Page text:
Still Walking
, , , ,
114 min.
Release Date
Still Walking

The Yokoyama family gets together once a year to remember the life of their departed Junpei, the eldest son and most respected of three children, who died long ago while saving one of his classmates from drowning. Heir to the family name, Junpei left broken loved ones behind, and the growth of resentment eats away at everyone inside. Some refuse to look past what would’ve been had this tragedy not occurred; others are tired of hearing about Junpei’s death. Japanese writer-director Hirokazu Kore-eda observes the family through his tender frame in Still Walking, a wonderful, deceptively simple drama IFC imported from Japan.

Of course, inside the Yokoyama home, there are no outbursts of emotion, unlike what might be shown in the American family drama equivalent of this film. There’s always something happening under the surface throughout the picture, and it’s never forthright. There are no direct confrontations, and therefore there are no resolutions. Their story, told mostly within the 24-hour period of their somber reunion, contains feelings that are hidden and only slyly hinted at; it becomes the audience’s duty to read these characters and wonder about missed opportunities for reconciliation.

The second son, Ryota (Hiroshi Abe), despises going to his parents’ home because he feels, well, secondary whenever he’s around his family. Father (Yoshio Harada) supported the family as a successful doctor, and Junpei intended to follow in those footsteps. But because Ryota has settled on art restoration—though he’s now out of work, a secret he tells his own family to keep from his parents—he feels, perhaps rightfully so, that his family would’ve preferred that he died. Ryota’s new wife, Yukari (Natsukawa), and stepson are treated like guests instead of family by his parents, and they feel like outsiders as well.

Mother (Kirin Kiki) pretends to be welcoming, but long visits from her children can be too exhausting. She has a cruel streak in her that emerges in one of the film’s most powerful scenes. A young man arrives to pay his respects to Junpei’s shrine. This is the man their son died saving. He’s fat, humble, and awkward. What’s worse, he’s done very little with his life; he’ll never become anything important. Not like a doctor. After he’s gone, the family admits it should’ve been him, but Ryota feels sorry for him and suggests they don’t invite him again. Mother says she’ll keep inviting him every year, forever, if only to indirectly remind him of the pain he’s caused. It makes her feel better knowing that he feels he should have died.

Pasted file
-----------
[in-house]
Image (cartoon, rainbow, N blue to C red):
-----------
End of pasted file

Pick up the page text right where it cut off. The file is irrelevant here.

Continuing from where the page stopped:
The story takes place almost entirely in the Yokoyama home, with most of the interactions around lunch and dinner. Several scenes occur where conversations are in one room, but in another room, someone sits, waiting to be included or feeling sour about their family members. Ryota and his father have these moments most often since they bear the most bitterness toward one another. And yet, all around there’s potential for healing. They’re still family, after all. If only they would talk and apologize for their mutual stubbornness. If they could forgive then maybe they could live happily ever after. But that’s not what this film is about—it’s far too aware of how families really work for that.

Kore-eda’s style reflects that of the great Japanese director of family dramas, Yasujiro Ozu, whose Toyko Story (1953) was recently named on Sight and Sound magazine’s top films poll, composed by the world’s leading film critics. His approach holds the same temperate sensitivity as those affecting masterpieces from Ozu’s extensive filmography, resisting melodrama or blatant exposition. Assemble yourself a marathon of titles from these two filmmakers, and you’ll find yourself more tuned into how families operate.

Still Walking is composed of a collection of long stationary shots, very little music, and lots of silence. Kore-eda expresses so much through pauses in the conversation or quiet ruminations on something seemingly straightforward. Consider how the yellow butterfly is used both as a symbol of Junpei’s spirit for his mother and as a device through which we see how Ryota will pass down his parents’ influence, no matter how much he railed against them when they were around. Kore-eda’s film is insightful, moving, perceptive, and appropriately complex in the exploration of its subject. It’s hard to imagine a more parallel example of Ozu’s style, which despite undeniable similarities, completely resists any accusations of pure imitation.

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